Could you make a bibtex style file with this feature that also works with natbib.

]]>Thanks – corrected.

]]>The fact that $A^0 = I$ is mentioned in Cayley’s original 1858 paper on matrix algebra. It must hold, as a consequence of the definition of inverse and index laws: $I = A^{-1} A = A^{-1 +1} = A^0$.

]]>The same would be true for sets of 3 matrices except for the combinatorial constraints on matrices of order 0, which is a “gotcha” on sloppily oversimplified statements of the result. I don’t know the original statement but perhaps it is the original statement which is oversimplified and doesn’t anticipate such degenerate constructions.

]]>I would like to add a classical source of the Kronecker product of two matrices, briefly commented in the paper by Van Loan: bivariate polynomial interpolation. In fact, in a natural way a “generalized Kronecker product” arises.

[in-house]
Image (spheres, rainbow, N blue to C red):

See, for instance, a recent recall of these facts in our paper “Accurate polynomial interpolation by using the Bernstein basis” (Numerical Algorithms, 2017):

https://link.springer.com/article/10.1007/s11075-016-0215-7

Thank you very much for your work.

]]>You’re right. I was more careful in my wording in https://nhigham.com/2020/06/02/what-is-bfloat16-arithmetic/

]]>Thanks for your answer.

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